He Won The Fight To Change His Name, But Lost The Fight For His Life

Rowan Feldhaus "set an example for others to follow with how he lived his daily life."

Last year, when Rowan Feldhaus petitioned to legally change his name as part of his transition, the judge said no. He could call himself Rowan, but his middle name, Elijah, sounded too “male.”

“My policy has been that I will not change a name from an obvious female name to an obvious male name and vice versa,” said Superior Court Judge J. David Roper. “I am not going to change your name to Rowan Elijah—You’ve got to come up with something else… maybe Shawn.”

Rowan Feldhaus

Feldhaus, then just 24, didn’t take Roper’s decision as final. Working with Lambda Legal, he appealed the decision and, in January, won the right to claim his name—and his identity.

“I’m beyond happy this is finally done, that there’s precedent over this, regardless of whether you’re trans or not,” said Feldhaus, said at the time. “I hope it helps everybody.”

Sadly, that joy was short lived: Last week, as part of his transition, Feldhaus underwent a hysterectomy. But there were complications—he went into septic shock several days later and lost oxygen to his brain. On Tuesday, Feldhaus died.

“It was complications post-surgery and then he was readmitted post surgery and it started snowballing from there,” a friend, Austin Atkins, told CBS 12.

Hysterectomies are fairly routine procedures—some 600,000 are performed each year. But all surgeries come with risks.

“[He] knew the risks going into all of this and he was willing to accept the risks to do what he knew he wanted to do,” Atkins added. “Rowan will always be a personal hero of mine. He set an example for others to follow with how he lived his daily life.”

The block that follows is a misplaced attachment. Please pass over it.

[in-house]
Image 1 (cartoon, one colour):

rowan feldhaus

Originally from Frankfurt, Germany, Feldhaus was an Army reservist and student at Augusta University. He was active in campus life and local LGBT advocacy. His mother says Feldhaus will continue to help people even in death, through organ donation.

“Rowan’s grace, quiet dignity, strength and self-assurance were an inspiration to me and many others who heard his story,” said Lambda Legal’s Beth Littrell, who successfully represented Rowan in his case.

“Because Rowan stood up, Georgia judges are now required to allow people to change their names without bias,” she added. “At only 25 years old, [he] was taken from us too soon, but he left a legal legacy that will live on and help others for many years to come.”

A memorial service, Rowan Elijah Feldhaus: Celebration of Life, will be held Saturday, May 20, at the CrossFit gym Feldhaus worked at.

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